And it is very easy for that person to imagine that he is or not really know whether he's thinking about a commercial aircraft or a military aircraft or perhaps the outer skin of an anti-personnel weapon. The internal workings of a defense contractor are unlike any other business that you can imagine.

What a defense contractor does is he formulates proposals to the government in which he claims that had it not been for the contract that he is presently bidding on, he would never purchase the following items of equipment. Then he goes on to list things that are so mundane as to be shocking including adding machines, oscilloscopes, all sorts of things that had the customer been anyone but government, you'd be absolutely astounded at a producer demanding it.

If you can imagine going to your TV repairman to get him to repair your television set and having him say, as a part of my bid, I wish you to share in the cost or I wish you to purchase an oscilloscope for me in order to do this, or I want you to purchase a tube tester for me to do this with. Well, what happens is that billions of dollars worth of buildings, land, equipment, vehicles, test stands, oscilloscopes, every conceivable piece of technical equipment you can imagine is amassed and remains in the hands of contractors.

BOB POTTER: MIT professor Noam Chomsky said the war goes on to provide the Japanese and American corporate structures with eventually profitable investment opportunities. Chomsky said the top 80 US corporations derive as much as 50% of their profits from overseas investments.

Economist Michael Tanzer charged that US foreign policy has through history been largely a means to promote corporate interests. And William Domhoff, a sociologist at the University of California, Santa Cruz said a corporate elite unduly influences US foreign affairs. While the hearings were termed a war crimes investigation, they had no force of law.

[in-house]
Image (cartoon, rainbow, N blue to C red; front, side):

And the results were predictable in advance as all participants had substantial anti-war credentials. It was the kind of event which critics might call divisive. Yet Fred Branfman, the man who spent four years in Laos emphasized that big corporations and big government are not monolithic. They are run by human beings. And his challenge to the Honeywell Project was to learn how to talk to the leaders of business and government.

KEVIN BRANFMAN: I mean we have to develop a vocabulary which explains the political vocabulary which explains how we could be living in an age where our leaders are not like Hitler, not foaming maniacs. They're rather decent men to their friends, their associates, their family. They're affable. They're civilized. They're restrained. And yet they're mass murderers.

ROBERT BLY: Why are they dying? I have written this so many times. They are dying because the president has opened a Bible again. They are dying because gold deposits have been found among the Shoshone Indians. They are dying because money follows intellect, and intellect is like a fan opening in the wind. The marines think that unless they die, the rivers will not move.

They are dying so that the mountain shadows will continue to fall east in the afternoon. They are dying so that the beetle can move along the ground near the fallen twigs. But if one of those children came near that we have set on fire, came walking towards you like a gray barn walking, you would howl like a wind tunnel in a hurricane.

You would tear at your clothes with blue hens. You would drive over your own child's wagon trying to back up. If one of those children came by burning and you were on your suburban lawn, you would leap into the air tearing into your cheeks. You would ram your head against the wall of your bedroom like a bull pinned too long in his moody pen.

If one of those children came towards me with both hands in the air, fire rising along both elbows, I would suddenly go back to my animal brain. I would drop on all fours screaming. My vocal cords would turn blue. So would yours. It would be two days before I could play with one of my own children again.

BOB POTTER: For National Public Radio, this is Bob Potter in Minneapolis Saint Paul.